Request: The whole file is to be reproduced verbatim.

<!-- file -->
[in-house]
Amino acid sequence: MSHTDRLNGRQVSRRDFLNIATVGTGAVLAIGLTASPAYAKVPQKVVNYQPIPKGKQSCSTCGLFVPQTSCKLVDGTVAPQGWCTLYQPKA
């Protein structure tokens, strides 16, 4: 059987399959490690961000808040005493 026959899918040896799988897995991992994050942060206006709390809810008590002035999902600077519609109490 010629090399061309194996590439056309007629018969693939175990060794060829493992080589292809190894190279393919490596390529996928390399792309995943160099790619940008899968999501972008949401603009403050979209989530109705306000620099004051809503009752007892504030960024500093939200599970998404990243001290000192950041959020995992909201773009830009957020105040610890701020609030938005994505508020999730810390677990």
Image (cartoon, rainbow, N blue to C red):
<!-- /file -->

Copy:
[in-house]
Amino acid sequence: MSHTDRLNGRQVSRRDFLNIATVGTGAVLAIGLTASPAYAKVPQKVVNYQPIPKGKQSCSTCGLFVPQTSCKLVDGTVAPQGWCTLYQPKA
């Protein structure tokens, strides 16, 4: 059987399959490690961000808040005493 026959899918040896799988897995991992994050942060206006709390809810008590002035999902600077519609109490 010629090399061309194996590439056309007629018969693939175990060794060829493992080589292809190894190279393919490596390529996928390399792309995943160099790619940008899968999501972008949401603009403050979209989530109705306000620099004051809503009752007892504030960024500093939200599970998404990243001290000192950041959020995992909201773009830009957020105040610890701020609030938005994505508020999730810390677990």
Image (cartoon, rainbow, N blue to C red):